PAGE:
President & CEO’s Update

Legislative and Regulatory News

 

Dear Members,

Assisted living providers in Massachusetts often look to the Executive Office of Elder Affairs (EOEA) for the latest policies impacting assisted living, as EOEA regulates assisted living in Massachusetts, consistent with laws governing assisted living. Mass-ALA engages regularly with EOEA on those policies, and also brings the voice of assisted living to the state legislature, weighing in on legislation and laws governing assisted living, the framework upon which the regulations are based. In February, the most consequential legislation impacting assisted living in Massachusetts since spring 2020 was signed into law. In this article, I will summarize those changes and provide a status update on pending legislation and proposed regulations that Mass-ALA has been working on.

Temporary Policies Adopted in the Supplemental Budget

On February 13, Governor Baker signed a broad spending bill that contained three major provisions impacting assisted living. First, the allowance for assisted living nurses to provide health services was reinstated until July 15 or the end of the Public Health Emergency, whichever is sooner. Additionally, the training flexibilities and special care staffing exceptions previously in place also will be allowed for this same time period. Lastly, the liability protection previously in place for providers where care was impacted by COVID-19 also was reinstated for the period of November 22, 2021, through February 28, 2022. We applaud the Legislature and Governor Baker for extending these important provisions.

Actions on Bills by the Joint Committee on Elder Affairs

The Legislature’s Joint Committee on Elder Affairs heard testimony on many bills related to assisted living over the course of the first year of the 2021-2022 legislative session. Mass-ALA submitted testimony on several bills. The Committee took action on many of those bills in early February. They issued favorable reports to advance several bills we support, including the Common Sense Health Services Bill that would allow assisted living nurses to provide basic services to residents. They also advanced a bill that would amend the Frail Elder Home and Community-Based Waiver to permit eligible older adults to reside in assisted living residences, which we support. Both of those bills were referred to the Joint Committee on Health Care Financing, and we will be advocating that they advance to be signed into law. Rep. Smitty Pignatelli, the House sponsor of the Common Sense Bill, recently published an Op-Ed calling attention to the issue, describing his personal experience with the barriers it is seeking to eliminate, and urging its passage, here.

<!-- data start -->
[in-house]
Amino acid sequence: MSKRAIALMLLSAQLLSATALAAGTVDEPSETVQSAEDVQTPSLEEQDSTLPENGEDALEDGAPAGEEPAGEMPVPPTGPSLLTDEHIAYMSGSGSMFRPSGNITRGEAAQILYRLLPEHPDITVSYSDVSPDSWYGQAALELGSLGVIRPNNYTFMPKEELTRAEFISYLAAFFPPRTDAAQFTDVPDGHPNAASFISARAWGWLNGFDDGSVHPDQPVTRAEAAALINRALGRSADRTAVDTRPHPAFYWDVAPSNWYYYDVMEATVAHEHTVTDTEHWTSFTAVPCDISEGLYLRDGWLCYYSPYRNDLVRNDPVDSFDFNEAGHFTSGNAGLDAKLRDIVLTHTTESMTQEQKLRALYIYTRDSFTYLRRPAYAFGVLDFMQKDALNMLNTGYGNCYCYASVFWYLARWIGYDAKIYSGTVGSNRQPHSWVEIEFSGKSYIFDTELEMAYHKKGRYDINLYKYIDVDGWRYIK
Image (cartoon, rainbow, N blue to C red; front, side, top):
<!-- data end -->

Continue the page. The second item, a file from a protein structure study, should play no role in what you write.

The Elder Affairs Committee also sent two bills we are tracking to study, meaning they were not reported favorably or unfavorably but need more consideration. One of the bills sent to study, which we support, would clarify the classification of assisted living residences (ALRs) to state that they are not landlords and the landlord/tenant statues do not apply to them, except in the case of evictions. We will continue to advocate for that bill to pass to end the confusion and litigation arising from the Supreme Judicial Court’s Ryan decision. Another bill the Committee sent to study is one that we oppose, as it would expand the application of landlord/tenant law to assisted living, require changes to residency agreements, and increase liability for providers.

Group Adult Foster Care (GAFC) Proposed Regulations and Rate Increase

The state has released proposed regulations and a proposed rate increase for GAFC. About five hundred assisted living residents in Massachusetts are on GAFC. We have been advocating for an increase to the GAFC reimbursement rate for many years, as it was last increased in 2008. The proposed permanent rate would be just over a 5% increase. Rates are temporarily increased 10% through June with funding coming from the federal ARPA bill directed towards Home and Community Based Services. Mass-ALA  testified at public hearings on February 25 on the proposed regulations and proposed rate and submitted written testimony. We strongly advocated for a much larger rate increase and presented data to support that position.

The GAFC regulations are the first to be proposed, as GAFC is currently operating under guidelines, not regulations. We advocated for the guidelines to be changed to not require the provision of services to be conducted by Registered Nurses (RNs) for services that can be performed within the scope of practice of Licensed Practical Nurses (LPNs). We also advocated for ALRs to be exempt from the Electronic Visit Verification (EVV) requirements, consistent with current policy, and for the Adult Foster Care regulations to be separate from those for GAFC.

EOEA Updates

EOEA recently issued an update on the COVID-19 booster mandate. We sent a summary of the update, linked to it, and included additional resources for boosters and overcoming vaccine hesitancy, here. We expect EOEA to issue an updated guidance for ALRs. The latest broad guidance for ALRs from August, is available here. We encourage you to visit our COVID-19 Updates and Resources page for all of the latest news, here.

Sincerely,

Brian Doherty, CAE

President & CEO

 

 

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